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Laboratory of Genome Architecture
DNA topology 

The Centre for DNA Fingerprinting and Diagnostics (CDFD),
Hyderabad, India.

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It is fascinating to see a long thread of DNA folded into a tiny nucleus and organized to form a functional aspect of the genome. Our interest is understanding the DNA topology and 3-D genome organization in embryogenesis, cellular differentiation, and cancer progression.

Dr. Yathish J. Achar

Head, Laboratory of Genome Architecture

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Ph.D.: University of Szeged, Szeged, Hungary.

Post Doc: IFOM Foundazione Istituto FIRC di Oncologia Moleculare, Milan, Italy

Yathish J Achar obtained his PhD from University of Szeged, Hungary, in the field of Biological sciences. As a graduate student he was involved in developing an in vitro system to study fork regression activities of several tumour suppressors including HLTF, BLM, WRN, SMARCAL1 and ZRANB3. Later, he moved to Marco Foiani laboratory in IFOM (Foundazione Istituto FIRC di Oncologia Moleculare), Milan, Italy, as a post-doctoral fellow. In IFOM he was involved in mapping DNA supercoil changes and its influence on chromatin organization using genomic approaches. He joined CDFD as a group leader in 2021.

News & Anouncemnets

2nd January 2024
We will be part of Regional Young Investigators’ Meetings (RYIM) Hyderabad.

click here for further information & Registration  

5th April 2023
We have received DBT/Wellcome Trust India Alliance Intermediate Fellowship!

Open Positions

January 2024 update

We have a Postdoctoral position through our DBT Welcome Project or the DBT-RA Programme. 

Please see the details of DBT-RA program here 

Latest Publications

Negative supercoil at gene boundaries modulates gene topology

Transcription challenges the integrity of replicating chromosomes by generating topological stress and conflicts with forks1,2. The DNA topoisomerases Top1 and Top2 and the HMGB family protein Hmo1 assist DNA replication and transcription3-6. Here we describe the topological architecture of genes in Saccharomyces cerevisiae during the G1 and S phases of the cell cycle. We found under-wound DNA at gene boundaries and over-wound DNA within coding regions. This arrangement does not depend on Pol II or S phase. Top2 and Hmo1 preserve negative supercoil at gene boundaries, while Top1 acts at coding regions. Transcription generates RNA-DNA hybrids within coding regions, independently of fork orientation. During S phase, Hmo1 protects under-wound DNA from Top2, while Top2 confines Pol II and Top1 at coding units, counteracting transcription leakage and aberrant hybrids at gene boundaries. Negative supercoil at gene boundaries prevents supercoil diffusion and nucleosome repositioning at coding regions. DNA looping occurs at Top2 clusters. We propose that Hmo1 locks gene boundaries in a cruciform conformation and, with Top2, modulates the architecture of genes that retain the memory of the topological arrangements even when transcription is repressed.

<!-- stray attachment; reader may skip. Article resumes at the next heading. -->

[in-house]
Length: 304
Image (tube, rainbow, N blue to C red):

Funding Sources

We are grateful for the generous funding received from:


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